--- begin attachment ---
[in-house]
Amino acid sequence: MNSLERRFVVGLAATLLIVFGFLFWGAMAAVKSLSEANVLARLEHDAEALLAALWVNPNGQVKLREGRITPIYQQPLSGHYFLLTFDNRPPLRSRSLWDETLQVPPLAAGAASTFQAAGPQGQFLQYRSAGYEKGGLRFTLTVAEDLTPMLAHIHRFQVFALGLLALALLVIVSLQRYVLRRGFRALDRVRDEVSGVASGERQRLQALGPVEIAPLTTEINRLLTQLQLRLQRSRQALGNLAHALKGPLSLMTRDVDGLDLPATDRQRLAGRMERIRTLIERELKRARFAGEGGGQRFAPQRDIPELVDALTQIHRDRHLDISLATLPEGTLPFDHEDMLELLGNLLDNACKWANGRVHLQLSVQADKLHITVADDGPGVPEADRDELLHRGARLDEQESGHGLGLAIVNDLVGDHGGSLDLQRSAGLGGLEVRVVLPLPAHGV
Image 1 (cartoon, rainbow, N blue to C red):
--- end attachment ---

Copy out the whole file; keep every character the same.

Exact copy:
[in-house]
Amino acid sequence: MNSLERRFVVGLAATLLIVFGFLFWGAMAAVKSLSEANVLARLEHDAEALLAALWVNPNGQVKLREGRITPIYQQPLSGHYFLLTFDNRPPLRSRSLWDETLQVPPLAAGAASTFQAAGPQGQFLQYRSAGYEKGGLRFTLTVAEDLTPMLAHIHRFQVFALGLLALALLVIVSLQRYVLRRGFRALDRVRDEVSGVASGERQRLQALGPVEIAPLTTEINRLLTQLQLRLQRSRQALGNLAHALKGPLSLMTRDVDGLDLPATDRQRLAGRMERIRTLIERELKRARFAGEGGGQRFAPQRDIPELVDALTQIHRDRHLDISLATLPEGTLPFDHEDMLELLGNLLDNACKWANGRVHLQLSVQADKLHITVADDGPGVPEADRDELLHRGARLDEQESGHGLGLAIVNDLVGDHGGSLDLQRSAGLGGLEVRVVLPLPAHGV
Image 1 (cartoon, rainbow, N blue to C red):